Monday, June 26, 2006

The Wild Bunch


Dir: Sam Peckinpah (Straw Dogs; Pat Garrett & Billy the Kid; Bring Me the Head of Alfredo Garcia; Convoy)

There are only three candidates for the best ever Western. I will hear a debate about The Searchers, How the West Was Won, or Rio Bravo; but I will not be swayed after that debate. Only Unforgiven, The Good The Bad and The Ugly, and The Wild Bunch are allowed serious consideration.

I think The Wild Bunch may be the winner.

I forgot how great this film was. Some of the best characters in any Western. The old "one more job and then I retire" theme is augmented here by a crew of bounty hunters stalking our intrepid bandits. The leader of the bounty hunters (Robert Ryan) is being blackmailed to get his former partner, the leader of the bandits (an unbelievable William Holden). Ernest Borgnine is also very good as one of the bandits. The story involves a chase through Mexico and Federales who terrorize a small village. As with most Westerns, the themes of honor and duty are in the forefront. But here, the anti-heroes are rather ruthless, and the law itself is even more corrupt. This is definitely a neo-Western.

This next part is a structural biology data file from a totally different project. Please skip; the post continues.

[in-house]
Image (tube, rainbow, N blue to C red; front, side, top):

Peckinpah made his reputation as a maven of screen violence here, with truly amazing opening and closing gun battles. The opening scene is legendary, with a Temperance Union caught in the crossfire. I can recall no other Western focusing on collateral damage like this, a gripping reminder that the violence depicted is at once thrilling and disgusting. But other than that, the film is continually brilliant. Shot of gorgeous bluffs and canyon land, the harshness of the desert is ever present. While the action scenes are wonderful, the more laid back and playful elements of village life and the joyful rowdyness of these rough men are something special as well. Many great lines, breathtaking direction, everything that makes the genre special.

A particular high point for me is a minor role by Alfonso Arau. I remember my first time seeing The Wild Bunch, on its rerelease at the Mayan Theater in Denver. There, out of no where, was El Guapo from The Three Amigos. Same damn character, same cadence in this speech, same undeniably joy in every word he says. John Landis found that guy and just had him reprise his stuff. Great inisde movie joke, and a great performance in both instances.

Unforgiven is more philosophical. The Good, Bad, Ugly is cooler. But The Wild Bunch is probably the best combination of all elements of the Western. And I do think it is that genre's best representative.